Thursday, 26 January 2012

The Future of Australian Test Cricket - the batsmen.

Having seen the way he's batted over the last couple of days, it's hard to believe that Ricky Ponting is approaching the end of his career. Crunching drives down the ground, searing pull shots through mid-wicket, his majestic 221 at Adelaide, during which he became only the third man to manage 13 000 runs in tests, was a showcase of his endless flair, style and talent. With no plans of immediate retirement, we can enjoy watching the great man for at least a little longer, but what does the long-term future hold for Australian cricket?

Phil Hughes:

Phil Hughes is one of those players who I always want to do well. At his best, Hughes pounces on any sort of width, crashing unsuspecting bowlers through the off-side with ease. At his worst, his aversion to the leg side is horribly exposed, sometimes looking out of his depth at the highest level. Sadly, his erratic performances to date, have left him uncertain of an extended run in the team, recently losing his place to Ed Cowan after a string of failures against the Indians. This is not to say, however, that his short career hasn't yielded a number of memorable moments. Labelled as the 'new Matthew Hayden' as he debuted against South Africa in Johannesburg, as he bravely took guard to face the first ball of the test from Dale Steyn, it seemed that at least his confidence matched that of his predecessor. As he traipsed back to the pavilion 4 balls later, whether that confidence was justified, came into question. Given another chance in the second innings, a classy 75 gave his doubters something to think about, but after smashing back-to-back hundreds in the second test at Durban, and a prolific spell playing 4 day cricket for Middlesex in the run up to the Ashes, Hughes was Australia's next big thing.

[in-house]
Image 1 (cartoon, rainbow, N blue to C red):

After looking horribly outclassed by England's bowlers at Cardiff and Lord's however, Hughes found himself watching the rest of Australia's Ashes campaign from the sidelines, and has been in and out of the side ever since. His struggles have continued in the home Ashes series, and his 126 in Colombo was the only beacon of light in an otherwise poor tour of Sri Lanka. Indeed, Hughes has shown shades of true brilliance, most notably his scorching unbeaten 86 in a run chase against New Zealand. However, his lack of consistency means he's never managed to concrete his place in the test side. Whether it's a technical issue, or a mental issue, i'm not sure. I'm inclined to think it comes down to technique. Hughes does very much favour the offside, and whereas he can perhaps get away with it in domestic cricket, the top bowlers at test level have had no problems with exploiting it. Personally, I think that Hughes has a long future in the game. He obviously has bags of natural talent, and with a bit of work with the staff at NSW, i'm confident he can re-emerge a more complete player, and forge a long and successful career.

David Warner:

Having never previously played first class cricket, Warner announced himself with a 43-ball 89 in a T20I against South Africa, and has been a permanent fixture in Australia's crash, bang, wallop XI ever since. Prolific in the IPL, dynamic in the field, a more than handy leg-spinner and capable of batting both right and left handed, Warner's aptitude for the game is undeniable. For a long time however, questions were asked over his ability to transform his aggression and success in the shorter form, to a more measured but equally fruitful approach in the longer form. The truth is, Warner has stuck two fingers up to patience, and proceeded to score a mountain of runs at his own natural tempo. After an outstanding first-class season with NSW, in only his second test, Warner carried his bat in a breezy 123 against the old enemy New Zealand. Add to this a blistering 180 against India on a tricky wicket at the WACA, and it's clear that Warner has taken to test cricket like a duck to water. The fact that his 383 runs at an average of 63.83 have come at a strike-rate in excess of 85, makes his achievement all the more impressive. Warner's potential is undeniable.